Source: San Jose Mercury News
Pubdate: Thu, 18 Sep 1997
Contact: It's end of line for `drug' candy

Manufacturer says he'll bow to protests


Mercury News Staff Writer

The manufacturer of a whitepowdered candy sold in test tubes says he will
stop making the candy after being inundated with calls from irate consumers.

``Yeah, I think we'll stop making the white stuff,'' said Steve Corri,
coowner of Eat Me Now foods in Los Angeles, whose phones have been ringing
nonstop with calls from consumers and the media. ``If it's affecting the
world that much, we'll just stop making the stuff.''

But the San Jose grandmother who started the crusade, saying the candy
looks like vials of cocaine and could encourage drug use among children,
said she doesn't believe the company will follow through.

``I don't trust a word he says,'' said Peggy Allred. ``He called us
mentally constipated. I think he's morally corrupt.''

While the company will stop making the white powdered candy, with names
such as Avalanche, White Lie and Cloud Nine, it will continue to make its
multicolored powdered flavors. The candy, called The Crave, is packaged in
surplus medical test tubes.

Some San Jose area stores are removing the candy from shelves.

The Sweet Factory candy store in Valley Fair Shopping Center pulled The
Crave from the shelves Tuesday after a Mercury News story detailed the
concerns of parents, teachers and police.

``Yes, we've stopped selling it,'' said a Sweet Factory representative at
the store. ``And other stores are starting to take it off the shelves, too.''

The Sweet Factory store at Oakridge Mall said it is still carrying the
candy, for now.

Wednesday, Allred met with San Jose Mayor Susan Hammer. The mayor has
directed the city attorney to look into any possible violations of city
ordinances, and what options, if any, the city has under state and federal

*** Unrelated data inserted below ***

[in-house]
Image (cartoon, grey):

law, said Kevin Pursglove, Hammer's spokesman. She has also put the topic
on the agenda for Tuesday's city council meeting.

``She's quite uncomfortable with these kinds of products on the shelves,''
said Pursglove.

The issue started receiving national attention when Allred and her
daughter, Vicki Woodward of Simi Valley, launched a petition campaign to
get the candy off store shelves after Woodward's 11yearold son came home
with some last month.

Television and radio stations from Philadelphia, Raleigh, N.C., and New
York City have contacted Allred this week to do stories on the candy. The
television tabloid program Hard Copy aired a piece about the candy Monday
in Southern California. And Allred is scheduled to appear live at 7 a.m.
today on the Fox News cable program.

Corri, the outspoken coowner of the company that makes the candy and other
novelty treats, said the media attention is just what he wants. Besides the
multicolored versions of The Crave, he will continue to make drinks with
names like Rat Bastard Root Beer and D.O.A. Cola.

``This is great. The more negative publicity, the better,'' he said. ``You
see, that's how it works. The more society tells kids that something is
bad, the more they want it. This'll just drive demand for the stuff through
the roof. We're making a killing.''

Published Thursday, September 18, 1997, in the San Jose Mercury News